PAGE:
Fact 1: pound;27m was spent on setting, distributing and marking SATs this year. At the same time a thousand teachers and almost twice that number of Learning Support Assistants were made redundant. It is staff working in schools every day, not snapshot-tests at the end of a Key Stage, which truly "set national standards".
Fact 2: where they have them, other home-countries are getting rid of SATs. Look at Wales. Nor are Scotland and Northern Ireland rushing to bring SATs in.
Fact 3: SATs act to widen the attainment gap between higher and lower attainers. The Assessment Reform Group's research indicates what teachers know through experience: students receive SATs levels as judgements; low achievers become overwhelmed by assessments and de-motivated by constant evidence of their low achievement. They fail to make the progress which, in the absence of the SATs regime, they otherwise might.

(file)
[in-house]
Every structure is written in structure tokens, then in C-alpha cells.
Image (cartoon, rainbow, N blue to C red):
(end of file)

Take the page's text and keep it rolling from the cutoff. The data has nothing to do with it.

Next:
Fact 4: When it comes to SATs, pilot schemes are a fraud. The history of the implementation of SATs in the 1990s shows liberal use of pilot schemes to attempt to circumvent or defuse opposition. I remember them well. Ultimately the over-testing regime was imposed willy-nilly.
Fact 5: in his speech announcing the changes to KS1 tests, the Secretary of State for Education stated quite clearly that "tests, targets and tables are here to stay." So much for dialogue.
Fact 6: in Charles Clarke's Norwich constituency, where I teach, 1,265 people have so far signed the NUT's anti-SATs petition. Opposition to the tests shows no sign of abating here or elsewhere. I know that NUT members will be doing what very many parents want when we vote to boycott the tests. Industrial action by teachers in this case is not only the material expression of reasoned argument; it has become after ten years and more of the educationally-impoverishing, de-skilling and for too many students physically-damaging experience of SATs a moral imperative.
President, Norwich and District NUT